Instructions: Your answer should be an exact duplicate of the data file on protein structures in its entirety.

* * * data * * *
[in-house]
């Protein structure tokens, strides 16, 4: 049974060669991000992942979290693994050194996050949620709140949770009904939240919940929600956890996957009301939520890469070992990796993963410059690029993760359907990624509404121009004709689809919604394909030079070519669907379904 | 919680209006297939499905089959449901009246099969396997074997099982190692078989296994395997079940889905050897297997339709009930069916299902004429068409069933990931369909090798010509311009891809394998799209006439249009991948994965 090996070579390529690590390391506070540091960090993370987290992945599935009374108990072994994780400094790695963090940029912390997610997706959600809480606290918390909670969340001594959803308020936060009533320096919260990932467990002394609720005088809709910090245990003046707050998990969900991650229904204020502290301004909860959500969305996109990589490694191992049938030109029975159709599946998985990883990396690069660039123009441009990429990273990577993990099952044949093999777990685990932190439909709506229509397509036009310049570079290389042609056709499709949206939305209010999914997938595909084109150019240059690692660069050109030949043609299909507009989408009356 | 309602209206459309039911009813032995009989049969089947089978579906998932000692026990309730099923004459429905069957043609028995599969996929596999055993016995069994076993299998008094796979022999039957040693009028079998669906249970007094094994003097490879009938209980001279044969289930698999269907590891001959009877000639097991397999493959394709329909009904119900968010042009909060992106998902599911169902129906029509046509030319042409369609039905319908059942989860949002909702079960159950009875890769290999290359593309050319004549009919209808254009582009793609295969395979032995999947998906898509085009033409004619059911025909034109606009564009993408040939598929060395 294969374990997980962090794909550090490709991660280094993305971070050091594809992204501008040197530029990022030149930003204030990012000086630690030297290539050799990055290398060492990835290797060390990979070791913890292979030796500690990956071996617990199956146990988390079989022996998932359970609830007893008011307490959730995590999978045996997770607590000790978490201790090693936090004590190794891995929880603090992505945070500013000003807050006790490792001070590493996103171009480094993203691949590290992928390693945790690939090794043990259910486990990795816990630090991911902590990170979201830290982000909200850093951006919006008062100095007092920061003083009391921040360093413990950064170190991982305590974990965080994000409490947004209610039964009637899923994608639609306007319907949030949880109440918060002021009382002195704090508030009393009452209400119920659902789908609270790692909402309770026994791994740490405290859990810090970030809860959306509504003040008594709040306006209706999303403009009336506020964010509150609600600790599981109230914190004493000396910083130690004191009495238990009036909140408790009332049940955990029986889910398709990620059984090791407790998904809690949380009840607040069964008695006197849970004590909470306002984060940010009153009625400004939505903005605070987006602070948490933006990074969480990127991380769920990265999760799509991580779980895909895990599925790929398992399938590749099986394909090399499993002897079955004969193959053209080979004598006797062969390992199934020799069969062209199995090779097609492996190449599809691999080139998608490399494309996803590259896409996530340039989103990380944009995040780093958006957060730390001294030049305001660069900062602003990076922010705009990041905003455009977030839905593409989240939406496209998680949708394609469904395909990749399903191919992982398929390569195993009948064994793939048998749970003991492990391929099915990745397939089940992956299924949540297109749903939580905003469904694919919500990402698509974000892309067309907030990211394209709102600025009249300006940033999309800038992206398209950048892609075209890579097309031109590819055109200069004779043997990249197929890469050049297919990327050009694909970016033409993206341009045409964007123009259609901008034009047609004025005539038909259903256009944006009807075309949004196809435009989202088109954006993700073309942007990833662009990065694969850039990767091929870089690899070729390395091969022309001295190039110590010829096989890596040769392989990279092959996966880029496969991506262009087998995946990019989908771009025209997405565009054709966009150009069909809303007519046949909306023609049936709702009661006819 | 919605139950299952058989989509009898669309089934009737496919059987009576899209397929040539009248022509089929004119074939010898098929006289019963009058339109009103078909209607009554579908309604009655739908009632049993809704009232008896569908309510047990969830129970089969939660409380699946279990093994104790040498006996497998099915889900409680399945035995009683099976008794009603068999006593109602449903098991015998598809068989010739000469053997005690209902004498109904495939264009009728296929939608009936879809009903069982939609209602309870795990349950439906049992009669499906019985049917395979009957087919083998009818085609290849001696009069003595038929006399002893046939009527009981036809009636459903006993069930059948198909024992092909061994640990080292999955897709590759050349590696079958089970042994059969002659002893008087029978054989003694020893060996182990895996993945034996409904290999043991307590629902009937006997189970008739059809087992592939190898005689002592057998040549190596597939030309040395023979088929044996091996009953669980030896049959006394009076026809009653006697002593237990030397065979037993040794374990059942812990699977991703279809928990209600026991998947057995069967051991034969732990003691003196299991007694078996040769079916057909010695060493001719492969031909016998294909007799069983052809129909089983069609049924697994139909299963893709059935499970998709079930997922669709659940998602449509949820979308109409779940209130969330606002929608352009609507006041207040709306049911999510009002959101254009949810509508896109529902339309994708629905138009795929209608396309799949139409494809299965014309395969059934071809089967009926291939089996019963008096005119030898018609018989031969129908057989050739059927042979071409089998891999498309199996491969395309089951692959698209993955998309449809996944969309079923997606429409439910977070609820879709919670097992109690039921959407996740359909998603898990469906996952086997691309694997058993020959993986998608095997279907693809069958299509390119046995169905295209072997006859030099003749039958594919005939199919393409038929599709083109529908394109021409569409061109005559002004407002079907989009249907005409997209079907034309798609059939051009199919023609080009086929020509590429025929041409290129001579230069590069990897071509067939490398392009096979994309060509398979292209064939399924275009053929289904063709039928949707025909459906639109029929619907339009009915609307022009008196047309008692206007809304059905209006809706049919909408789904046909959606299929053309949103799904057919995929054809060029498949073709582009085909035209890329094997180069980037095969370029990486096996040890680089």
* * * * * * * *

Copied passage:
[in-house]
């Protein structure tokens, strides 16, 4: 049974060669991000992942979290693994050194996050949620709140949770009904939240919940929600956890996957009301939520890469070992990796993963410059690029993760359907990624509404121009004709689809919604394909030079070519669907379904 | 919680209006297939499905089959449901009246099969396997074997099982190692078989296994395997079940889905050897297997339709009930069916299902004429068409069933990931369909090798010509311009891809394998799209006439249009991948994965 090996070579390529690590390391506070540091960090993370987290992945599935009374108990072994994780400094790695963090940029912390997610997706959600809480606290918390909670969340001594959803308020936060009533320096919260990932467990002394609720005088809709910090245990003046707050998990969900991650229904204020502290301004909860959500969305996109990589490694191992049938030109029975159709599946998985990883990396690069660039123009441009990429990273990577993990099952044949093999777990685990932190439909709506229509397509036009310049570079290389042609056709499709949206939305209010999914997938595909084109150019240059690692660069050109030949043609299909507009989408009356 | 309602209206459309039911009813032995009989049969089947089978579906998932000692026990309730099923004459429905069957043609028995599969996929596999055993016995069994076993299998008094796979022999039957040693009028079998669906249970007094094994003097490879009938209980001279044969289930698999269907590891001959009877000639097991397999493959394709329909009904119900968010042009909060992106998902599911169902129906029509046509030319042409369609039905319908059942989860949002909702079960159950009875890769290999290359593309050319004549009919209808254009582009793609295969395979032995999947998906898509085009033409004619059911025909034109606009564009993408040939598929060395 294969374990997980962090794909550090490709991660280094993305971070050091594809992204501008040197530029990022030149930003204030990012000086630690030297290539050799990055290398060492990835290797060390990979070791913890292979030796500690990956071996617990199956146990988390079989022996998932359970609830007893008011307490959730995590999978045996997770607590000790978490201790090693936090004590190794891995929880603090992505945070500013000003807050006790490792001070590493996103171009480094993203691949590290992928390693945790690939090794043990259910486990990795816990630090991911902590990170979201830290982000909200850093951006919006008062100095007092920061003083009391921040360093413990950064170190991982305590974990965080994000409490947004209610039964009637899923994608639609306007319907949030949880109440918060002021009382002195704090508030009393009452209400119920659902789908609270790692909402309770026994791994740490405290859990810090970030809860959306509504003040008594709040306006209706999303403009009336506020964010509150609600600790599981109230914190004493000396910083130690004191009495238990009036909140408790009332049940955990029986889910398709990620059984090791407790998904809690949380009840607040069964008695006197849970004590909470306002984060940010009153009625400004939505903005605070987006602070948490933006990074969480990127991380769920990265999760799509991580779980895909895990599925790929398992399938590749099986394909090399499993002897079955004969193959053209080979004598006797062969390992199934020799069969062209199995090779097609492996190449599809691999080139998608490399494309996803590259896409996530340039989103990380944009995040780093958006957060730390001294030049305001660069900062602003990076922010705009990041905003455009977030839905593409989240939406496209998680949708394609469904395909990749399903191919992982398929390569195993009948064994793939048998749970003991492990391929099915990745397939089940992956299924949540297109749903939580905003469904694919919500990402698509974000892309067309907030990211394209709102600025009249300006940033999309800038992206398209950048892609075209890579097309031109590819055109200069004779043997990249197929890469050049297919990327050009694909970016033409993206341009045409964007123009259609901008034009047609004025005539038909259903256009944006009807075309949004196809435009989202088109954006993700073309942007990833662009990065694969850039990767091929870089690899070729390395091969022309001295190039110590010829096989890596040769392989990279092959996966880029496969991506262009087998995946990019989908771009025209997405565009054709966009150009069909809303007519046949909306023609049936709702009661006819 | 919605139950299952058989989509009898669309089934009737496919059987009576899209397929040539009248022509089929004119074939010898098929006289019963009058339109009103078909209607009554579908309604009655739908009632049993809704009232008896569908309510047990969830129970089969939660409380699946279990093994104790040498006996497998099915889900409680399945035995009683099976008794009603068999006593109602449903098991015998598809068989010739000469053997005690209902004498109904495939264009009728296929939608009936879809009903069982939609209602309870795990349950439906049992009669499906019985049917395979009957087919083998009818085609290849001696009069003595038929006399002893046939009527009981036809009636459903006993069930059948198909024992092909061994640990080292999955897709590759050349590696079958089970042994059969002659002893008087029978054989003694020893060996182990895996993945034996409904290999043991307590629902009937006997189970008739059809087992592939190898005689002592057998040549190596597939030309040395023979088929044996091996009953669980030896049959006394009076026809009653006697002593237990030397065979037993040794374990059942812990699977991703279809928990209600026991998947057995069967051991034969732990003691003196299991007694078996040769079916057909010695060493001719492969031909016998294909007799069983052809129909089983069609049924697994139909299963893709059935499970998709079930997922669709659940998602449509949820979308109409779940209130969330606002929608352009609507006041207040709306049911999510009002959101254009949810509508896109529902339309994708629905138009795929209608396309799949139409494809299965014309395969059934071809089967009926291939089996019963008096005119030898018609018989031969129908057989050739059927042979071409089998891999498309199996491969395309089951692959698209993955998309449809996944969309079923997606429409439910977070609820879709919670097992109690039921959407996740359909998603898990469906996952086997691309694997058993020959993986998608095997279907693809069958299509390119046995169905295209072997006859030099003749039958594919005939199919393409038929599709083109529908394109021409569409061109005559002004407002079907989009249907005409997209079907034309798609059939051009199919023609080009086929020509590429025929041409290129001579230069590069990897071509067939490398392009096979994309060509398979292209064939399924275009053929289904063709039928949707025909459906639109029929619907339009009915609307022009008196047309008692206007809304059905209006809706049919909408789904046909959606299929053309949103799904057919995929054809060029498949073709582009085909035209890329094997180069980037095969370029990486096996040890680089």